Editors Reaffirm Commitment to Defence of Democracy, Press Freedom
•Round off town hall meeting/capacity building training for 350 journalists
•Commend US Embassy for huge support
The Nigerian Guild of Editors (NGE) has concluded its Town Hall Meeting/Capacity Building Conference in six geo-political zones, during the week – with the last one in Port Harcourt, the South-South zone.
According to a statement, the journalists resolved not to buckle under any circumstances in its historic duty in defending and promoting the cause of democracy and press freedom in the country.
The NGE said having contributed immensely to the sustenance of democracy in the country, including putting the lives of many of its members on the line – via constant harassment, brutalisation and death, its members are now more equipped and energised by the training to discharge their constitutional role of holding government accountable to people.
The editors who commended the United States Embassy in Nigeria for sponsoring the regional training workshop for 350 editors across the six geopolitical zones, urged the Embassy to also support step-down trainings for line editors and reporters.
It quoted a communiqué signed by NGE’s President, Mustapha Isah and the General Secretary, Iyobosa Uwugiaren, to have explained that having consistently put down their lives in the defence of democracy, the editors have also resolved to take the gauntlet by sifting from the array of aspirants angling for the presidency, governorship, the national and state assembly elections in order to ensure that the electorate are provided with credible information to make informed choices in the democratic process.
‘’Editors have resolved to assist in ensuring that frivolous and unserious candidates, as well as those who have not demonstrated any capacity for leadership, are weeded out from the race.
‘’That ahead of the 2023 general election, editors should engage more with other stakeholders like civil society groups, the Independent National Electoral Commission, security agencies and others in deepening the democratic process.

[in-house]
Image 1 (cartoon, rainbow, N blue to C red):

“The editors should also ensure that the parties and their candidates are properly guided along issue-based campaigns and discourage campaigns anchored on exploring the ethnic, religious and regional divide that tend to put the country asunder,” the editors stated.
Noting that the media thrives better under a democratic rule, the NGE explained that the media has contributed significantly more than any section of the Nigerian society in enthroning, promoting and sustaining the cause of democracy in Nigeria.
‘’While other sections of the society were pummelled under military dictatorship, the media stood like the rock of Gibraltar and had the effrontery to look the military in the eye.
“Unfortunately, in spite of the huge human and material resources of the country, many years of democratic rule have not brought significant development in different sectors to meaningfully impact on the lives of the Nigerian people. But the media will not give up in the its defence of democracy,” the editors added.
Amidst increasing misinformation, disinformation and deliberate falsehood in cyberspace, the editors also resolved to explore the use of fact-checking tools to verify stories as part of the process of erasing the credibility gap.
According to the editors, “There is need for the media to always use fact check tools to verify its stories. And that no matter how reliable a source has been in the past, the media should always be circumspect about any disclosures from any sources by double checking the information.’’
Noting that the Freedom of Information Act (FOIA) could assist the media to deal with the problem of anonymity of sources, particularly when confronted with legal matters, the editors said that there is a need for the media to make more use of the Act as part of the move to instill greater credibility on its stories.
Arising from the conversations at the conferences in the six geo-political zones, the editors said that while regulation of media practice would accord media professionals greater respect like other groups, pandering to the antics of a government, which has consistently shown abrasive zeal to hamstrung the Nigerian media – to solely regulate the media, will be harmful to its survival.
“This is more so given its insidious use of the National Broadcasting Commission (NBC) codes to clamp down on stations that give vent to anti-government opinions.
“Editors agreed that the media should endeavour to regulate professional practice and also ensure proper corporate governance on the part of the owners of media houses, in order to guarantee adequate supply of working tools, better working environment and improvement in staff welfare,” the editors further added in the statement.